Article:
This Instant Pot bone broth recipe is also perfect for a Whole30; it helps heal your gut and doubles down on the nutrients you’re funneling to your body. It’s an easy way to replace that after-dinner drink, and it’ll make you feel so, so much better in the morning, I promise.
How to make Instant Pot bone broth:
Roast some marrow bones at 350º for 20 minutes.
Throw them in the Instant Pot with some gelatinous bones (like feet… oh yeah, we’re going there), a few aromatics, pour water 2/3 of the way up the Instant Pot.
Seal it up, and let it cook on Manual Low Pressure for 3 hours. That’s it! Strain and pour into an airtight container.
Look at that gorgeous gel!
No more hovering over the stove, scooping away foam, forgetting you left the burner on as soon as you’re 10 minutes away (Like, for example). Nope, this Instant Pot bone broth recipe is crazy easy.
What kind of bones do you use for bone broth?
You can mess around with bones you use here, but I highly recommend using marrow bones and gelatinous bones, so you get plenty of gelatin and collagen in there. I prefer these over regular chicken bones, actually; I made a batch with a chicken carcass and some marrow bones last night, and it simply didn’t gel like my other batches do. I stock up on these bones when I go to the international market; they always have a fantastic selection.
I highly recommend you use Himalayan pink salt or Celtic sea salt to season your broth. Both of these salts contain the trace minerals your body needs, and they’re perfectly reflective of the minerals in our bodies. They’re truly healthy food! It’s a great way to add in these superfoods to your diet and make it taste even better.
You can find this recipe in my digital cookbook, The Paleo Instant Pot, which has over 30 super flavorful and Whole30-compliant recipes made in the Instant Pot. Perfect for a Whole30!
Instant Pot bone broth: high or low pressure?
I like to cook my Instant Pot bone broth on low pressure, to give the pressure cooker time to eke all the goodness out of the bones. However, you can absolutely cook yours on High Pressure – 120 minutes is perfect!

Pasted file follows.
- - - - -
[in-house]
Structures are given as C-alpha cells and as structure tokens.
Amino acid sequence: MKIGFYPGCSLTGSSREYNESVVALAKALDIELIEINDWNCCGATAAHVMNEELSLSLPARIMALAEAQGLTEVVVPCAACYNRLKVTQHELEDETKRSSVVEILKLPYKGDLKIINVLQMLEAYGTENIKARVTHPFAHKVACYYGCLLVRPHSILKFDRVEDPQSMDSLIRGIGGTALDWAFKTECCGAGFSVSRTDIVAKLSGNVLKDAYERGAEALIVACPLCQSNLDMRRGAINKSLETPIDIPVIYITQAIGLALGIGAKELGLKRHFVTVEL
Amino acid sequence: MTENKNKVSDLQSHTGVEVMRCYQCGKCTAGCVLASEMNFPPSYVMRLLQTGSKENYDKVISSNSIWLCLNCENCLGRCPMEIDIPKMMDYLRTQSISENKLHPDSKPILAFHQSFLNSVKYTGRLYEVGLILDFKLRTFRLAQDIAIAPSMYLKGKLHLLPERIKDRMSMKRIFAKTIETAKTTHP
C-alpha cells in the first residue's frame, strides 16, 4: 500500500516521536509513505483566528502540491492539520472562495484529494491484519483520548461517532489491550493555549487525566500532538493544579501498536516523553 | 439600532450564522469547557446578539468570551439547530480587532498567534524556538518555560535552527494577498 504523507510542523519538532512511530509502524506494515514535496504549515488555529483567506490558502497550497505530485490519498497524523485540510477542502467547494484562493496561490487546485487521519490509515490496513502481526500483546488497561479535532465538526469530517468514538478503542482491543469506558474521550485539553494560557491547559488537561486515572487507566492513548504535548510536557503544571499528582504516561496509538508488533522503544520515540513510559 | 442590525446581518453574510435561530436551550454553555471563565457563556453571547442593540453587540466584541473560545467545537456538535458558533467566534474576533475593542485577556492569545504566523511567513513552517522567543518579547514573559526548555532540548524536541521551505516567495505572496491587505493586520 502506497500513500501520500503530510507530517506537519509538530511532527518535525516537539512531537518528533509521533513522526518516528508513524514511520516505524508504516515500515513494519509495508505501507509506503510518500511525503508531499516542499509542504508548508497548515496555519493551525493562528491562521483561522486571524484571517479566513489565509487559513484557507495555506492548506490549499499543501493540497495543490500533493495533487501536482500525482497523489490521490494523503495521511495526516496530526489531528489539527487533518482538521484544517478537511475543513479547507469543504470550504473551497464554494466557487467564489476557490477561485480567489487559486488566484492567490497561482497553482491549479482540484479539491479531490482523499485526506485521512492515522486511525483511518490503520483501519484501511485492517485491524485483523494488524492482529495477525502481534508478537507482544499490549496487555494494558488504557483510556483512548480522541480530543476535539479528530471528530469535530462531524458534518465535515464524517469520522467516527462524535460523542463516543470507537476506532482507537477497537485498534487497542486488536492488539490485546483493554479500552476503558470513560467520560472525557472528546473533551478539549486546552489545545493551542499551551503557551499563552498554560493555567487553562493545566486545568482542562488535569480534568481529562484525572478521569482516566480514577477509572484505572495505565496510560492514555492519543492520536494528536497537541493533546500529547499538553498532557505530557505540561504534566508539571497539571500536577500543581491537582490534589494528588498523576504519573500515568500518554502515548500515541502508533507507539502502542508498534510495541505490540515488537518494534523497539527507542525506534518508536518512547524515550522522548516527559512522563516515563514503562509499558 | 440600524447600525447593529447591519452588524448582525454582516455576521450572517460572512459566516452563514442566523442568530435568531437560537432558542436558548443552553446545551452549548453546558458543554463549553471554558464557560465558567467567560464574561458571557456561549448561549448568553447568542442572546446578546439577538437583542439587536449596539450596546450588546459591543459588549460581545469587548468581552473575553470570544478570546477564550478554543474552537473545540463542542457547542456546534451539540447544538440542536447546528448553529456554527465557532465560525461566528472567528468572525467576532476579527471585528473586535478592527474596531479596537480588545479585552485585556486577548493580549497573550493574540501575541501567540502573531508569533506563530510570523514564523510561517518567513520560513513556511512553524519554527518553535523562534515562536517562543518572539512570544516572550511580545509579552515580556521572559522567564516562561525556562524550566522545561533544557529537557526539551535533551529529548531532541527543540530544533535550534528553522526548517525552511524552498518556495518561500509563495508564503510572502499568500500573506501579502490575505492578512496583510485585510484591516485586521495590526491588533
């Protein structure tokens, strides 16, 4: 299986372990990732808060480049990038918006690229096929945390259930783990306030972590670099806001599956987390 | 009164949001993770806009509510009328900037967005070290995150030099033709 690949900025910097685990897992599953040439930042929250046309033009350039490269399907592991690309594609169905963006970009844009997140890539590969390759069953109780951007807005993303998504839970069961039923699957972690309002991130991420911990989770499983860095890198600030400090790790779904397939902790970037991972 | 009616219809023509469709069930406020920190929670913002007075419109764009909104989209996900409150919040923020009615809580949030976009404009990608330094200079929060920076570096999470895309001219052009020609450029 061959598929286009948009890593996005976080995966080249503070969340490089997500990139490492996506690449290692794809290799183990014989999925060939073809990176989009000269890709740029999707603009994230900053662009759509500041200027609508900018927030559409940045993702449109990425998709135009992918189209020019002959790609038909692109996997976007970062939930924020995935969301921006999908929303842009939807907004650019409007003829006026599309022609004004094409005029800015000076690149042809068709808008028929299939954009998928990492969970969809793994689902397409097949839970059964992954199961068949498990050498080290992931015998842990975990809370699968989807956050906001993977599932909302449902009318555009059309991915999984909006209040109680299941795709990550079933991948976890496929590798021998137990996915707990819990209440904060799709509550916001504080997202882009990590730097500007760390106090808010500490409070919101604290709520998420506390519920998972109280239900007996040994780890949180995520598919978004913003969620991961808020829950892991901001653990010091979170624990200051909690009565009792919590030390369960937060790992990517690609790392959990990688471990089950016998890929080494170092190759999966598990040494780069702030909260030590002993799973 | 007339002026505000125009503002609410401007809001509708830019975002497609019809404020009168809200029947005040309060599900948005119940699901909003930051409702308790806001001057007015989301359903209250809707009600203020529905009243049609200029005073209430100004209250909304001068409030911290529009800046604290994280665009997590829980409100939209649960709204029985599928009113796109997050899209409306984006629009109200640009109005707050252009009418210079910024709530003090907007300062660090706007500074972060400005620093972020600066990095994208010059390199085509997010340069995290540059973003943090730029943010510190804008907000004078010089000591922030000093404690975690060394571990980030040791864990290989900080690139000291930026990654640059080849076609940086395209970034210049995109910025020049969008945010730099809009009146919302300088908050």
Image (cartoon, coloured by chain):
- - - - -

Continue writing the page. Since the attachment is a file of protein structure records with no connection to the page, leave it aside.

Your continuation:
How long can you keep this Instant Pot bone broth in the refrigerator?
This bone broth gels and has a lovely layer of healthy fat on top, essentially sealing it from air and ickiness. If you keep this layer of fat intact, the bone broth will last weeks, if not months in the fridge. However, once you break the seal, so to speak, you’ll want to consume the Instant Pot bone broth within about 4-5 days. It does, though, keep beautifully in the freezer. I like to pour mine into a large freezer bag and freeze it flat on a baking sheet then transfer to our deep freeze. Bone broth will keep about a year that way!
To make this Instant Pot bone broth, I recommend this Instant Pot (<<< affiliate link!).
Other recipes you’ll love:
- One Minute Whole30 Mayo (Immersion Blender)
- Iced Golden Milk Turmeric Latte
- Healthy Zuppa Toscana (Whole30)
- Whole30 Instant Pot Chicken Tortilla-Less Soup
Did you make and love this recipe? Give it your review below! 👇 And make sure to share your creations by tagging me on Instagram!
Instant Pot Bone Broth That Gels (Whole30, Anti-Inflammatory)
A super nourishing bone broth made in the Instant Pot with chicken and beef bones. Rich, quick, and easy, it gels like a Jell-O jiggler!
Makes about a gallon.
- 2.5 pounds beef marrow bones usually “beef bones” at the store
- 2.5 pound necks or feet I love beef and chicken feet
- 1-2 tablespoons apple cider vinegar optional
- 1 carrot sliced
- 1 stalk celery sliced
- 2-4 cloves garlic smashed
- a few black peppercorns
- lots of sea salt
- several sprigs of fresh rosemary and/or thyme
- filtered water
- Preheat oven to 350º F. Spread marrow bones out on a cooking sheet and roast 20 minutes. Carefully turn the bones over and roast another 15 minutes. Remove from oven and let cool slightly.
- Transfer roasted bones to Instant Pot, then pour a little water on the cooking sheet. Use a spatula or whisk to loosen the browned bits left over from the bones, then pour the water, melted tallow (fat from bones), and browned bits into the Instant Pot.
If using apple cider vinegar, add other bones to pot and pour vinegar over. Let sit 30 minutes then proceed with recipe.
Place other bones (necks, feet, or backs), carrot, celery, a few peppercorns, fresh herbs, and plenty of sea salt in the bowl of the Instant Pot. Pour filtered water up 2/3 full, then secure lid with valve in Sealing position.
- Cook on Manual Low Pressure or 180 minutes, then natural release. Let cool to touch.
- Place a mesh strainer over a large bowl and gently pour broth over strainer. When all broth is strained, discard bones and veggies, and pour broth into glass jars with tight-fitting lids or into plastic freezer bags.
- Keeps in the fridge for about a week. Alternately, freeze, lying flat. Keeps in freezer for several months. I usually refrigerate what I’ll drink or use that week and freeze the rest.
Letting the bones with with apple cider vinegar helps extract all the nutrients from the bones. I prefer the taste without, however, and since I drink it daily and make a batch every other week, I simply go without. But try it with the ACV and see if you like it!